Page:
In the last chapter we covered a huge 9 year span of time in just a few paragraphs - time flies when you're having fun! We managed to update and refresh this old house without getting into the heavy stuff until the twins were off to college and we had downsized to this little bungalow of ours.
We all know, of course, that renovations of old homes never go exactly as planned. Surprises pop up daily. Challenges seem insurmountable weekly. The weeks turn into more months than you ever imagined possible. Somehow, there is just mud and dust everywhere!!!! And it turns out all this is truly unavoidable, no matter how carefully you've planned.
Antoine de Saint Exupery (1900-1944)
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We are coming up on the 100-year anniversary for this old bungalow, which was built in 1924. It's so exciting to be endeavoring to bring it back to life and back to some of it's original glory in time to throw a big birthday party!
At the same time, we of course plan to make this a comfortable home full of modern conveniences, energy efficiency, and a touch of technology to top it off -- without changing the aesthetics or style of the original building. Make it a 21st century gem that looks like it's 100-years old.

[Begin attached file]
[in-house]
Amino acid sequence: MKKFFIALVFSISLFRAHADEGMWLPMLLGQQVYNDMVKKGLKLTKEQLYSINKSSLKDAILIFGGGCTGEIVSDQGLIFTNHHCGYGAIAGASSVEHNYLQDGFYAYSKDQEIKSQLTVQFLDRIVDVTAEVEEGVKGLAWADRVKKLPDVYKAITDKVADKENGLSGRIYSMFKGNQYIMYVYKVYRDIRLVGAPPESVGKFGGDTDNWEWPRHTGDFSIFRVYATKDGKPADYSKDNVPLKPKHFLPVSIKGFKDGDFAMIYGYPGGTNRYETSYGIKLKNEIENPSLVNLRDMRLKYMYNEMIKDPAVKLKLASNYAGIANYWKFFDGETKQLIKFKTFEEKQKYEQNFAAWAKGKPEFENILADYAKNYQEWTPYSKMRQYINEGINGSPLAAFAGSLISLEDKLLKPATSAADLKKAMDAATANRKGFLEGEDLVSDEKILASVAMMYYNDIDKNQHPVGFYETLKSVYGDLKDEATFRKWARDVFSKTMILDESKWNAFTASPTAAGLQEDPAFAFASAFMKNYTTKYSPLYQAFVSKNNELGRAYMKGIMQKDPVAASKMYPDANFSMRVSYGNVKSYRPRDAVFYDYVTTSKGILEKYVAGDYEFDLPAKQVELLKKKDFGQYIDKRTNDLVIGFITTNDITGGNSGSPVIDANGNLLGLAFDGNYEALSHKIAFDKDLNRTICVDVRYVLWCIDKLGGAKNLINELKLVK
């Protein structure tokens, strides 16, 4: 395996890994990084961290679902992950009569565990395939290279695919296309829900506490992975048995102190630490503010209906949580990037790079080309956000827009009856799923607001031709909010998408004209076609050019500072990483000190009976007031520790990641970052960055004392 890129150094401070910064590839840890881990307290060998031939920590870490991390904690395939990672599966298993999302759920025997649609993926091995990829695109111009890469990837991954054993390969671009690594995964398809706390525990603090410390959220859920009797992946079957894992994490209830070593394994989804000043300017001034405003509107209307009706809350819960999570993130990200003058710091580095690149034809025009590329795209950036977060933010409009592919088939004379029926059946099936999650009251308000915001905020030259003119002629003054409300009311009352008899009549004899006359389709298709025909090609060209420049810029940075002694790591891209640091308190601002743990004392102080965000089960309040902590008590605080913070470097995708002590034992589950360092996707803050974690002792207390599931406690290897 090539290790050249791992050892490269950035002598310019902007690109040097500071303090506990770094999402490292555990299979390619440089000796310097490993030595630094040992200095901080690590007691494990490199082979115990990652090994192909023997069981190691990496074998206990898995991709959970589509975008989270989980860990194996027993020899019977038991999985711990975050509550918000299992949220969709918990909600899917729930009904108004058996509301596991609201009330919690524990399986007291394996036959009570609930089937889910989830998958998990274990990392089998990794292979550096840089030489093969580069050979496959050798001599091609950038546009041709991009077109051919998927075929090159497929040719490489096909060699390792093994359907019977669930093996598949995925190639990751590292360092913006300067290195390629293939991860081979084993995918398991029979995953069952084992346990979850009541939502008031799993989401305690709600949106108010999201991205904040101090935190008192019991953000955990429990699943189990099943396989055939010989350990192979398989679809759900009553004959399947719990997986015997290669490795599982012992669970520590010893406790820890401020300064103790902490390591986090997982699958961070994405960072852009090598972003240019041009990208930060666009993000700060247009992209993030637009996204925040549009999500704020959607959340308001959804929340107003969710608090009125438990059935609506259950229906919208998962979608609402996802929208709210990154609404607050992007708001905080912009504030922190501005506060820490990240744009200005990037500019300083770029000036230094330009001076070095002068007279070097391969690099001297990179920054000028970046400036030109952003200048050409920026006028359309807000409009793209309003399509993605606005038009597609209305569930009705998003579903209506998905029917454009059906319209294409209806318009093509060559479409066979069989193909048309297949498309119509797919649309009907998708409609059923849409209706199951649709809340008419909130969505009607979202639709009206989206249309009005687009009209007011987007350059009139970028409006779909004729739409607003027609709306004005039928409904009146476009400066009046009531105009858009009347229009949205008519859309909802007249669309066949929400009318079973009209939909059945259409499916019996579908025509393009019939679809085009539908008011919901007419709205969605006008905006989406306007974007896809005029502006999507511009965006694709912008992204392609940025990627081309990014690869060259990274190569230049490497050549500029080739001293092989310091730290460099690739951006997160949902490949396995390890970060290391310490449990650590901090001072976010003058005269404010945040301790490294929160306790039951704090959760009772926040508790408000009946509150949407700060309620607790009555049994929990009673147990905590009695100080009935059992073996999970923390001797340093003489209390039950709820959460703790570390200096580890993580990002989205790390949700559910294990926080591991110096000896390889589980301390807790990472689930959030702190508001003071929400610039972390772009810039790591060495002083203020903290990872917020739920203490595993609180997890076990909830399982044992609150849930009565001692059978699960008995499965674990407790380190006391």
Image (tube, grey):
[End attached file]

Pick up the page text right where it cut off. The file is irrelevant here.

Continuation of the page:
We aren't purists by any means. There are some who renovate old homes and would never dream of touching the original plaster for example. Or altering the colors from what would have been fashionable in the roaring 20's (dark and moody in my book, just saying). But in our case, it's been damaged enough and because we are lacking some basics like insulation, for example, we don't have the choice but to replace/update many materials.
This is the stuff you don't really see or interact with directly, but it's essential for using resources wisely and still being comfortable and happy in your home:
not part of the dream but necessary
upcycling and recycling
- Some of the original windows (for cabinet doors)
- Original floor boards
- Original fireplace
- Original bedroom will remain the exact same size, which is not large
- Original door hardware
- Original porch window will remain in the exact spot it first was installed
- All the temporary kitchen cabinets and fixtures we installed a few years ago
So there you have it. The plans have been laid bare now - no turning back! Thanks for reading.
Next up - we'll talk a bit about finding a contractor and the ins and outs of that drama. It was in fact a drama with several episodes strung out over several seasons. Spoiler alert: this bump in the road has a good ending too. Stay tuned.
See you on the porch,